My basic problem with this report is that doesn't describe the study, how many and what demographics were in it or how long it lasted. It takes three specific vitamins along with a diet and then becomes a wide sweeping generality.
To begin with Vitamin A and beta-carotenes are essentially the same pro-vitamin though the process is chemically different. One major difference is that pill form beta carotene has been linked to increased death rates in people already predisposed to prostate and lung cancer. This isn't new to those in the research and cancer communities.
Vitamin A and Vitamin E are both fat soluble vitamins which means that if combined with a low fat diet, which is the other side of this study, then benefits of these two vitamins are decreased along with a decrease in basic physiological functions like ovulation which is another part of the study.
To make claims against three, extremely well researched compounds, and then generalize that anyone taking any multivitamin has a 5% greater chance of dying. C'mon! Maybe people who take multivitamins are more physically active than those that don't and that the higher mortality is from increased outdoor activity. Maybe the study used geriatrics.
Coffee is good for you one week, bad the next.
Red wine is good for your heart but then your an alcoholic.
Dark chocolate is good for you but it makes you fat.
Exercise increases the quality of your life, unless its running because Jim Fixx died of that.
Driving is good time management but it increases your chances of dying on the road.
I also heard that research is the number cause of cancer in lab rats.
Don't through your endurolytes and flintstone chewables away yet. Keep that tub of powdered carbs close. Next week it will be something else.
Medical backlash over health foods
Two of the most popular products in Britain’s vast health food industry come under attack today, as scientists cast doubts on the benefits of vitamin supplements and low-fat dairy products. Research published today suggests that regular consumption of a wide range of vitamin pills, taken by more than ten million people in the UK, may actually increase the risk of dying, while eating low-fat dairy products could make it harder for some women to conceive.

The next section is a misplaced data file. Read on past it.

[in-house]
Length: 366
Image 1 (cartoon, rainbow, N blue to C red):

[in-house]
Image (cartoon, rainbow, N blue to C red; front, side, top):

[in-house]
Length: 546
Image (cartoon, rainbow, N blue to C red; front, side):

The vitamin study, published in The Journal of the American Medical Association, overturns earlier research suggesting that vitamins A, E and beta carotene could protect against heart disease and cancer.
But far from helping, the new study says, the evidence is that taking vitamins, either singly or as part of a multivitamin pill, actually increases mortality by 5 per cent.
The scientists, based at Copenhagen University Hospital, who carried out an in-depth analysis of research involving more than 200,000 people, conclude that the “public health consequences could be substantial”.
A second study in the journal Human Reproduction, by researchers from Harvard Medical School , indicates that the rush into low-fat foods, driven by fear of heart disease and obesity may also have consequences for fertility.
The researchers found that women eating normal amounts of low-fat dairy products stood a higher risk of failing to conceive. Their diet appears to be implicated in a failure to ovulate, which is responsible for 12 to 15 per cent of cases of infertility. Women who ate whole-fat dairy products suffered fewer cases of this form of infertility.